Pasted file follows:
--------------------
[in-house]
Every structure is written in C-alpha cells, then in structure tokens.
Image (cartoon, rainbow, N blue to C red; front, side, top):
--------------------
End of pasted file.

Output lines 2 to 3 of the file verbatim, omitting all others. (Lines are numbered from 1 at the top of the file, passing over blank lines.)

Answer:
Every structure is written in C-alpha cells, then in structure tokens.
Image (cartoon, rainbow, N blue to C red; front, side, top):